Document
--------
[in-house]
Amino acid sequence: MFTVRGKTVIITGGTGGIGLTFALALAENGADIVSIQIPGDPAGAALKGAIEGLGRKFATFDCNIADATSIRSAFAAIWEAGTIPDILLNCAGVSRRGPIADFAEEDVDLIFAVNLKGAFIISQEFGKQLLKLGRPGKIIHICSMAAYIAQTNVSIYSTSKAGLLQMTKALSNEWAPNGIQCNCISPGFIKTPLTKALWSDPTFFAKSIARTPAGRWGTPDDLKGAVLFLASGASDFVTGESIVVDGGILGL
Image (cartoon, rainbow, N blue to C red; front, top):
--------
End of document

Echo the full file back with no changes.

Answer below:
[in-house]
Amino acid sequence: MFTVRGKTVIITGGTGGIGLTFALALAENGADIVSIQIPGDPAGAALKGAIEGLGRKFATFDCNIADATSIRSAFAAIWEAGTIPDILLNCAGVSRRGPIADFAEEDVDLIFAVNLKGAFIISQEFGKQLLKLGRPGKIIHICSMAAYIAQTNVSIYSTSKAGLLQMTKALSNEWAPNGIQCNCISPGFIKTPLTKALWSDPTFFAKSIARTPAGRWGTPDDLKGAVLFLASGASDFVTGESIVVDGGILGL
Image (cartoon, rainbow, N blue to C red; front, top):